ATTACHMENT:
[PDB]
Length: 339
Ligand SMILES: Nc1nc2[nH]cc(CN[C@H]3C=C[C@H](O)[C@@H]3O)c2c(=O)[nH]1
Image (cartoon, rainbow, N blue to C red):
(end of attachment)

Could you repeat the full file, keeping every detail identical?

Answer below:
[PDB]
Length: 339
Ligand SMILES: Nc1nc2[nH]cc(CN[C@H]3C=C[C@H](O)[C@@H]3O)c2c(=O)[nH]1
Image (cartoon, rainbow, N blue to C red):